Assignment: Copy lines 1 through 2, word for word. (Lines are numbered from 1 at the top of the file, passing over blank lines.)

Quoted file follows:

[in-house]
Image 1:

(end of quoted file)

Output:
[in-house]
Image 1: